Of course makeovers are not always about painting over the cracks and sadness; sometimes it is to mess with the contestants on America’s Next Top Model. But Rebecca’s “Hey Mickey” inspired bubblegum pop makeover anthem complete with cheerleader outfit, sexy baby vocals and lyrics such as “Old you was a diaper, new you is a diamond” focuses on how ridiculous it is to think that this will be the answer to breakup sadness. It devolves into the repeated line of “I had a stroke” emphasizing how nonsensical it is. Rebecca ends up looking like she should be starring on Kroll Show’s “PubLIZity” complete with fake nails, blonde hair extensions, a sparkly unicorn fake tattoo and an entirely new wardrobe. All to prove she is okay to Josh, Greg and everyone who has seen that 911 call video.
The Miss Douche contest is Instagram based and Rebecca has taken her “effortless” makeover cues from the popular boho chic styling of the posts with the most likes. When she runs into Josh he talks about being on an internet cleanse (how very Kendall Jenner) and he thinks she is in a costume contest due to her new look. When asked on stage “Who are you?” it sets her free in a way that her glued on hair could never do as Rebecca acknowledges that she is not okay.
Rebecca was the girl who pretended she was a ping pong pro just so she could hang with Josh away from the apartment they somehow ended up cohabiting and the start of season 2 has been about exorcising the people that are an emotional burden.
For Greg this means for good (*sob*) and while I think Crazy Ex-Girlfriend will miss this dynamic, I am also excited to see where the show can head now the love triangle element has been broken. The season 2 opening credits are incredibly Josh-centric, but considering how this relationship has played out so far this whole “girl in love” vibe should instead refocus on Rebecca learning how to love herself. By moving in with Heather it will give Rebecca the chance to enjoy all the sarcasm without the romantic drama. Plus this means more Heather, which is always a good thing.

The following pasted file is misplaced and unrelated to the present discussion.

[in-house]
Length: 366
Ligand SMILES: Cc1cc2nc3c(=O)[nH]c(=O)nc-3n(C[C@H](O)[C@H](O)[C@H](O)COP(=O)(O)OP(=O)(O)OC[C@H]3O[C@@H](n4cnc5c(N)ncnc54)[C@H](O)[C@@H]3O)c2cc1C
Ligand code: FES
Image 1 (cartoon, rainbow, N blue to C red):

Instead of pretending to be the ideal Miss Douche, “Ping Pong Girl” or the breathy and faux dumb Marilyn Monroe like figure, Rebecca returns to her old look and while ultimately her decision to move away from what was making her miserable in New York was a good one, she has stumbled by equating happiness with romantic happiness.
When Greg ‘Sinatra’ croons that their relationship is a “shit show” it is hard for Rebecca to disagree and her entire time in West Covina has been part of this love triangle caught between the guy she thinks she loves and the messed up guy who could be perfect for her if she wasn’t so messed up. Bouncing from one to the other is far from healthy and Greg’s departure/her realization that Josh isn’t exactly attentive or THE ONE (maybe) means Rebecca can lay her focus elsewhere. One person who could do with this right now is Paula and Rebecca can be a pretty terrible friend giving off Carrie Bradshaw self-centered vibes. Seriously Carrie, brunch shouldn’t always be about your terrible relationships.
The post breakup makeover critique combined with how the carefully curated Instagram posts can be is exactly what Rebecca needs to understand that she needs to focus on herself and not her wardrobe. It’s what is on the inside that’s the problem, and this means saying goodbye for real and in her head to Greg; she needs to move on. We are entering unchartered Crazy Ex-Girlfriend territory and the only post breakup(s) makeover Rebecca needs right now is on the inside. Plus, her look is already super cute.
Emma Fraser is the creator of TV Ate My Wardrobe and spends most of her time writing about TV, fashion and costuming; Abbi and Ilana’s Broad City style, the wigs on The Americans and Mindy Lahiri’s pajamas are just as vital as talking about ’90s, ’00s teen shows. Emma has a MA in film and television, and she probably holds Angela Chase responsible for this path. You can find her on Twitter @frazbelina.